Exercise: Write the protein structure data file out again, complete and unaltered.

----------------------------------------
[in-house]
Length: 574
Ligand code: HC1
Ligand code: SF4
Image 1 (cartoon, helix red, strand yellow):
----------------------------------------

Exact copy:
[in-house]
Length: 574
Ligand code: HC1
Ligand code: SF4
Image 1 (cartoon, helix red, strand yellow):